Family, My Life with God

Corn Time

photo-1505764706515-aa95265c5abcIf you live in the Midwest (and probably a few other places), you know the last couple weeks have been sweet corn harvest time. It’s the time of year when you’ll find pickup trucks loaded with sweet corn and parked at intersections or parking lots to sell and share. We all have our favorite recipes. Many prefer grilled corn. Others enjoy different types of seasoning. I actually prefer it off the cob.

But to be honest, sweet corn season isn’t as much about eating corn to me but preparing the corn. I grew up harvesting corn with my family. Mom or Dad did the majority of the picking, tossing hundreds of ears in the back of the pickup. Then we’d park it in the shade and start an assembly line of shucking.

Even after the three of us girls left the farm, Mom and Dad continued to harvest corn. They’d pick, shuck, and freeze as much as they thought they’d use through the coming year. It was a staple of our family gatherings. When I moved back to the area and my girls began to grow, I’d help when I could. That increased even more the last five or six years of my dad’s life. Perhaps it’s because I thought they might appreciate more help. Perhaps it was because I wanted to make more memories with them. And it had a little bit to do with me wanting corn for my own freezer without expecting anyone else to do the work. Since my dad died, I’ve made every effort to work with my mom to harvest enough corn for the year. Again, it might have a little to do with wanting to help her, but much of the desire simply has to do with adding more memories to tradition. (And the scrumptious taste of sweet corn in the middle of winter is a strong motivator, too.)

But harvesting corn isn’t convenient. Like much farming, it’s unpredictable. As the time approaches, we have a few indications that it might be done in the next week or two, but it’s not something we can put on the calendar and be assured a specific day will be the day corn is ready. It depends on the rain and the heat—and the insects and raccoons.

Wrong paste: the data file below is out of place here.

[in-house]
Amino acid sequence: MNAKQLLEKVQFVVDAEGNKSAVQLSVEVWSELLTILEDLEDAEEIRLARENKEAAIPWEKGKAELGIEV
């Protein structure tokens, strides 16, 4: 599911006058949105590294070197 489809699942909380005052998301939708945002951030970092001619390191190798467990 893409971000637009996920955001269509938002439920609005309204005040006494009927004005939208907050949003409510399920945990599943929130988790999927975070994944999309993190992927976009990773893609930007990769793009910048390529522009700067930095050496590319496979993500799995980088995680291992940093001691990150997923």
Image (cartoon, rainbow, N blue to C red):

This year was an oddity. The first harvest day actually fell on a convenient weekend. But it wasn’t easy. It was the hottest day that week. And the decent ears weren’t easy to find. Many stalks had only one ear, and some had none. Many ears hadn’t developed well. Most were small. But I gathered what I could then, soaking wet, drove to the house.

We have a system. We gather chairs and a gardening cart and containers to shift the field corn to the shucked corn to the desilked corn. The person who shucks also looks each cob over for flaws and bugs. The person who desilks makes sure cobs are as clean as possible. This year, we widened that circle as more of my family joined. Despite the heat, we enjoyed chatting and remembering. Much of the time, I quietly sat and listened. I soaked up the time together.

Mom and I later wrapped up the finishing steps of cutting the corn off the cobs and bagging it for the freezer. We made one more harvest run a couple evenings later to waste as little corn as possible. We gave away some of the best ears. Our freezers are now full again. We’re ready.

It was exhausting, but I wouldn’t change it. Heat and lack of sleep for a couple days doesn’t compare to the sweetness of both corn and family memories.

All the memories we make with those we love don’t have to be fun, thrilling, or entertaining. Coming together to accomplish something together is satisfying. It helps us appreciate each other, because we’re willing to sacrifice time and comfort to get something done for ourselves and others.

It might not be sweet corn for you, but find ways to work and serve alongside each other in this season of life. As exhausting as the effort might be, you’ll find sweetness with it, too.


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